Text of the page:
Michigan voters made their voices loud and clear on Tuesday with their vote on marijuana in the state.
According to ABC, a ballot measure to replace marijuana prohibition with a legal and regulated system of sales and cultivating had passed with over 50% of precincts reporting.
The measure will allow adults in Michigan over the age of 21 to posses, grow, and use small amounts of marijuana legally.
“The victory in Michigan highlights just how widespread support is for marijuana policy reform, said Steve Hawkins, executive director of the Marijuana Policy Project.
“This issue does not only enjoy strong support on the coasts, but also in the Midwest and all throughout the country. Marijuana has now been legalized for adult use in one out of every five states and medical use in three out of every five, so it is safe to say federal law is in need of an update.”
Under the new legalization law adults will be able to grow up to 12 total marijuana plants at home, possess 2.5 ounces in public and store 10 ounces in their residence, as well as what they grow legally.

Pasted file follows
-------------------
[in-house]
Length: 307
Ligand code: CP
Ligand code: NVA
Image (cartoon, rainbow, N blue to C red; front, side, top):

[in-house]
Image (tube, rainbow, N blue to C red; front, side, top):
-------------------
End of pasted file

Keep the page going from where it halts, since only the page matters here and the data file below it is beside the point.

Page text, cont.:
“Voters in Michigan sent a resounding rebuke to their state’s failed policy of prohibition and elected to follow a new, more sensible path of regulation and legalization,” NORML Executive Director Erik Altieri remarked.
“Instead of arresting thousands of citizens a year for possession of a plant, Michigan will now be able to prioritize law enforcement resources towards combating violent crime, honor personal freedom and civil liberties, end the racist application of weaponizing prohibition laws against communities of color and collect tax revenue that was previously going to black market elements and put it towards important social programs such as education and infrastructure development.”